A: No. Spells, by definition cannot target themselves; he'll need some other spell on the stack in order to play Condescend.

Q: If there is an Arcbound Wanderer in a graveyard and someone plays Roar of Reclamation what happens? –S. Bennett

A: The Arcbound Wanderer most likely wanders back into the graveyard. Putting a sunburst card into play except by playing it usually means that the sunburst equals zero.

*Extra* The sneaky exception is that copy cards can take their mana payment into account when making a copy of a sunburst card. You can copy a Pentad Prism with Sculpting Steel and by spending three different colors for the Sculpting Steel, the copy of the Prism will get three counters.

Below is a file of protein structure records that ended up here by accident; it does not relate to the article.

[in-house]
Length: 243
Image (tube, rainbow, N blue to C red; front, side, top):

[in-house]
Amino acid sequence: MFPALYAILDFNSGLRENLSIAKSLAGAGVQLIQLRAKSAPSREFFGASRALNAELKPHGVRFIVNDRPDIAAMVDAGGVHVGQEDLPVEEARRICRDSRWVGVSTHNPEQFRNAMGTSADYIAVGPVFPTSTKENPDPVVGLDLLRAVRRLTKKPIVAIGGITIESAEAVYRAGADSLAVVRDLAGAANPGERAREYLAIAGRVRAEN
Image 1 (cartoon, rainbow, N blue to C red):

Q: I was playing with my friend with my Ravager-Affinity deck against his March of the Machines deck. He cast the March and in response I cast Naturalize. He said I couldn't do that because all my artifact lands were all sent to graveyard already. –E. Tan

A: Technically, “in response” to the March means the March is on the stack. Your lands are essentially lost, but not without a fight. If you tap them for the appropriate mana before the March resolves, then after they become newly dead creatures, you'll be able to use the floating mana to send the March to the graveyard as well.

Old-ish and Older Cards

 

Doubtless One